Kevin Kane PT, DPT- Hilliard,OH
Everyone from the weekend warrior to professional athlete knows the value of strengthening to increase performance. However, how much thought is given to moving correctly or using the right muscle group at the right time? You can be the strongest person in the world, but if you aren’t using your strength in the right way then you are doing yourself a disservice.
Everyone knows the value of coaches when we were learning to play sports as a kid, but who is coaching us now that our t-ball days are a distant memory? The human body is a vast puzzle of muscles, bones, ligament and tendons that work together to get us up off the couch and moving, but we also need a good “computer” to tell us what to move and when. That computer is our nervous system, and the software we use is called neuromuscular control.
Just a simple task such as squatting to pick up laundry from the floor can be done in countless different ways. For example, you can keep your knees straight and bend through your back. Or maybe you use what is called a “quad dominant” pattern where you bend your knees excessively and do not use your hips correctly. You can keep your back straight, bend through your hips and keep your knees behind your toes and lift the laundry basket. Each of these movement patterns will help you lift the basket; however, moving incorrectly can lead to overuse injuries, joint degeneration, and other stresses and strains no one wants to encounter.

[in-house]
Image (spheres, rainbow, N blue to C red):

This same idea carries over to athletic events as well. Maybe your goal is to complete a 5K. With proper training, you can get your cardiovascular system in shape to allow you to set your personal record, but is your form maximized for efficiency and injury prevention?
One of the many changes in healthcare recently has been a shift from focusing only on strength and range of motion (ROM) to looking more at function and movement. Strength, ROM, flexibility and mobility always will be important, but proper movement mechanics may be the most crucial aspect of any rehabilitation or training program. It is now known that simply strengthening a muscle does not make you use it more during the day. In order to fix a flawed mechanic you need to retrain the brain to tell the muscles to move at the right time and in the right manner. This concept is called many names, but the most simple is neuromuscular re-education. Simply put, you need to train movement, not muscle.
Trained individuals such as physical therapists look at your overall movement; they identify the improper function, determine the limitation of the function, and then develop an individualized program for you. With time and (likely) a little sweat and frustration, you will be stronger and will move better and more efficiently. Improving movement mechanics has been shown to decrease the incidence of injury and improve athletic performance.
One example where poor movement patterns appear to be correlated with injuries is ACL tears in female athletes. Compared with their male counterparts, females tend to run, jump and land with more femoral rotation (thighs are turned in) and genu valgum (“knock kneed”). This puts more stress on the ACL and can lead to rupture. Strengthening combined with neuromuscular re-education and movement training has been shown to have a positive outcome with respect to decreased injury rates.